English noun: inwardness
|1.||inwardness (cognition) the choicest or most essential or most vital part of some idea or experience|
|Samples||The gist of the prosecutor's argument.|
The heart and soul of the Republican Party.
The nub of the story.
|Synonyms||center, centre, core, essence, gist, heart, heart and soul, kernel, marrow, meat, nitty-gritty, nub, pith, substance, sum|
|Broader (hypernym)||cognitive content, content, mental object|
|Narrower (hyponym)||bare bones, haecceity, hypostasis, quiddity, quintessence, stuff|
|2.||inwardness (cognition) preoccupation especially with one's attitudes and ethical or ideological values|
|Samples||The sensitiveness of James's characters, their seeming inwardness.|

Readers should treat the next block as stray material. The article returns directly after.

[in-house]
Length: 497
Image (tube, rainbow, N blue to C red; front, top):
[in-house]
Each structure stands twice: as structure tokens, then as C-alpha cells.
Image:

Inwardness is what an Englishman quite simply has, painlessly, as a birthright.
|Broader (hypernym)||cognitive state, state of mind|
|3.||inwardness (attribute) the quality or state of being inward or internal|
|Samples||The inwardness of the body's organs.|
|Broader (hypernym)||position, spatial relation|
|4.||inwardness (attribute) preoccupation with what concerns human inner nature (especially ethical or ideological values)|
|Samples||Socrates' inwardness, integrity, and inquisitiveness.|
|Narrower (hyponym)||otherworldliness, spiritism, spiritualism, spirituality|